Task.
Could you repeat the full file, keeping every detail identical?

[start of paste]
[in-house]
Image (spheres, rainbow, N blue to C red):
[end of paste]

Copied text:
[in-house]
Image (spheres, rainbow, N blue to C red):